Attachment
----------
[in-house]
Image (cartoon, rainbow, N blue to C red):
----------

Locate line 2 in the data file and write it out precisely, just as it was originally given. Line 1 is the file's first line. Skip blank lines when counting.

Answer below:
Image (cartoon, rainbow, N blue to C red):